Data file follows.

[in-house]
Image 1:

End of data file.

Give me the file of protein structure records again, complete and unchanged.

[in-house]
Image 1: